My experience of setting up this new Facebook account, aside from my pithy humour about random ladies of the world offering to end any shred of loneliness I may have with their bouncy castle sized chests; there is little doubt in my mind that our growing reliance on Social Media has connected us with more people than ever, and simultaneously made us incredibly solitary. Sartre's existentialism also touches on issues of alienation and the feeling of being separated from one's authentic self, and the internet's virtual world might have raised questions for him about whether it can contribute to rather than combat this alienation. Ultimately, Sartre's opinion on the internet would likely depend on how he saw it affecting individual freedom, authenticity, and the capacity for people to engage in meaningful relationships and make meaningful choices. Just how free are we in the communication age when every app, site and service we use makes us the product and our data into corporate currency?

"Like all dreamers, I confuse disenchantment with truth."

- Jean Paul Sartre

There is a temptation to believe the age of populism is on the wane with Trump in numerous courts, Johnson relegated to the speaking circuit and most recently, the success of Donald Tusk and a coalition of opposition parties defeating the Law and Order party in Poland that had resided over policies from the populist play book such as removing the rights of women to abortion. But cast your eye to Argentina and you will see a chainsaw wielding, leather jacketed former economist leading the polls in the run-up to the countries upcoming election, purely on the power of TikTok and influencer campaigns. It's a familiar refrain - he has a new way! He is empowering the people and will drag Argentina from the brink of post-pandemic economic collapse! He will blow up the central bank (wait, what?) and adopt the Dollar instead of the Peso! His policies are not dissimilar from radical approaches tried before but, wrapped in glitzy, punchy, social media shorts a tired population appear not to have the energy to question the veracity of his claims, and are ground-down enough to grab hold of any saviour that might come their way. Sound familiar? Ah, those sweet, sweet algorithms and echo-chambers...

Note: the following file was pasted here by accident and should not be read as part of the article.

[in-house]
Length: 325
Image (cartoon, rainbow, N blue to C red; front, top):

From a Scottish perspective, the spirit of fighting colonialism and acting in the interest of the authentic self seems to be on the decline with the implosion of the SNP (Scottish Nationalist Party), though support for independence remains steady at around 47%-49%. The rise of Labour in the polls is symptomatic of a nation deeply dissatisfied with the unmitigated disaster that thirteen years of Tory rule have culminated in, coupled with Labour's positioning of themselves firmly in the centre and, for some, not that dissimilar to the party they seek to replace. Like Argentina, a politically tired population appears to be seeking the sanctuary of familiar ground in the pursuit of change. How this plays out in Scotland and Wales in the future will be interesting to witness. The steady transfer of donors from the Conservatives and even Just Stop Oil to Labour means their coffers and social media presence will only get stronger - even the right wing press are starting to see the writing on the wall and are courting Keir Starmer, undoubtedly keen to make sure there are no grudges and pesky regulations on the way. If they can just avoid shooting themselves in both feet simultaneously, Labour should be home and dry. Their policies in regard to the increasingly independence minded Wales and Scotland, whose administrations both arguably embarrassed the UK government with their handling of the pandemic, will be key to the future direction of the United Kingdom. Independence movements may still be in the minority at the moment, but it only takes one kilted, daffodil waving (insert stereotype here) social media savvy show person to galvanise the independence minded into aggressively over-throwing the majority for all that to change.

Caber tossing going viral on TikTok anyone? Would Jean Paul Sartre approve of that?